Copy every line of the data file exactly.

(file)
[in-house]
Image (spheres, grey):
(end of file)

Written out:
[in-house]
Image (spheres, grey):